But we still came together to sing and practice our instruments because it was important to us as a family.  It was a part of our family identity, and it certainly was a family tradition that filled us with a sense of unity, meaning, and love.

Singing and Violins


Singing younger Thea

But it wasn’t just the music that brought us closer together.  What truly united us was the fact that we were praising God together as a family, and we were working towards a common purpose— sharing the Gospel through our love of music.

Even as a quiet, shy little girl who nervously sang Jesus Loves Me in front of a congregation in a crowded church tent, I recognized the value of our family tradition, and I was thankful we could serve God together as a family.

We need family traditions now more than ever.

Today’s society is so rushed and busy.  We fill our days with the hustle and bustle of work deadlines and after-school activities.  Time spent with family is sometimes few and fleeting.

Quick, TV dinners are the norm now.  Kids— and sometimes parents— would rather eat their meals in front of a television screen versus talking about their day around the table.  And even if a family is sitting at the table together, you’ll more than likely find some of them glued to their phones or other preferred devices.

Being glued to your phone deserves an entirely separate blog post altogether, but it’s true that today’s society is so fixated on technology and on quick, superficial communication, hiding behind a screen of emojis and text abbreviations.  SMH (shaking my head).  They say social media promotes social connections, but in all honesty it can also promote isolation.

One of my church pastors mentioned not too long ago how he found five or six teens sitting on a couch in a church lounge, all staring at their individual phones, texting each other instead of talking with one another.  He asked them to put the phones down and to talk to each other, face-to-face, for five minutes.  They complied.  But as soon as the five minutes were up and he started to walk out of the room, the kids were immediately back on their phones again.

It’s called an iPhone for a reason.  It’s all about “I,” “me,” “mine.”

Family traditions can help break that isolation.  It’s time to put away the phones and really and truly develop closeness together.  It’s time to say “no” to some of those extra-curricular activities.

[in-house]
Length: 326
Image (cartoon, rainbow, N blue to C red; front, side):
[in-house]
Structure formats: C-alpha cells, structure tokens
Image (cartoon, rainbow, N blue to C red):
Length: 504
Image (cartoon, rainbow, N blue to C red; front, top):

Don’t get me wrong— extra-curricular activities are very valuable and fun (especially if they involve the whole family), but if they’re not involving the whole family and/or are not producing quality time together, I encourage you to make sure you do leave enough time for “family time” in addition to having “me time” or “them time.”  Yes, everyone does need some separate time to themselves, but it’s all about finding the right balance and keeping your priorities in check.

For my own family, we’ve already started an Advent tradition, and we’d love to start an annual camping trip where we “unplug” for a few days.  No phones.  No distractions.  Just our little family, taking in God’s beautiful creation, which also includes each other.

We’d also like to participate in more community service projects and mission opportunities together as a family, be it local or long-distance.  Delivering meals, visiting older adults who have no nearby family, helping the community, sharing the gospel, going back to STCH in Pettus, Texas, etc.

We want to work together as a family towards a common purpose, and when that purpose is loving and serving Jesus and making Him known to the world, I believe it brings the family closer and deeper together, which ultimately brings glory to God.

“But as for me and my household, we will serve the Lord.”  -Joshua 24:15

I’d love to hear from you!  What are YOUR family traditions?  If you’re just starting your family, what are some family traditions you want to develop?

I leave you with a VIDEO of my family singing together.  It was filmed in 2004, and it has been 11 years since we have sung together, just us five (in 2006).  In the video, my family sings an acapella medley of praise songs that my parents arranged, which is followed by a piano and organ duet, and then the video ends with a final family song.

I hope it blesses you and reminds you how important family is and what a blessing it can be to serve God together as a family.

– Amy